Today, my dad can only speak Spanish. He is 72 years old. Although he receives great care from his treatment team, his health has significantly declined. Even through all the heartbreak, we make sure we continue to keep our Peruvian culture alive. Whenever we visit dad, we play Peruvian cumbia music and bring him his favorite Peruvian dish. We especially like to play his favorite song, “Carmen Rosa,” which is my mother’s name. While dating back in Peru, mom and dad used to dance to this song.
This August, I got married to the person my dad hoped I’d find someday.
I even received his blessing on a visit to the nursing home where he got up and danced to “Carmen Rosa,” which we played on a loop. Even though he never had the opportunity to meet my fiancé while he was able to remember him, I know he would have loved him. And he was there at the wedding in spirit; I carried a picture of my dad with me and there was a lot of cumbia!
I share my difficult experience as a caregiver daughter because I have hopes that a few years from now, another 20-something in a similar situation will not have to go through what I went through. The Alzheimer’s Association is working every day to develop innovative approaches to providing education that take into account people from all cultural, economic and educational backgrounds. Seeing the amount of awareness raised over the last couple of years – in state legislatures, Congress, through the general public – gives me hope that one day we’ll finally see the end of this horrible disease that has impacted so many of us so personally. I am ready for that day.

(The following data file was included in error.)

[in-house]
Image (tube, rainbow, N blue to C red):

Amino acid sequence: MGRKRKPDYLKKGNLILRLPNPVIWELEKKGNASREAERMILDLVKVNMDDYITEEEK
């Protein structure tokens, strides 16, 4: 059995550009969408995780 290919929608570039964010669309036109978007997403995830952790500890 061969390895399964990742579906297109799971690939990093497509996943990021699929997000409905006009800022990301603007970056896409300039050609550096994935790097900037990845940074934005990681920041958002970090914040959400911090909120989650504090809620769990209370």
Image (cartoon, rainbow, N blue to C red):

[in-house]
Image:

Reference: Originally published 10/11/2018 by Lisette Carbajal for the Alzheimer’s Association: https://www.alz.org/blog/alz/october-2018-(1)/finding-love-and-fighting-alzheimer-s-a-daughter
Since the posting of this blog, Lisette’s father lost his battle with Alzheimer’s, passing away in January 2019. ?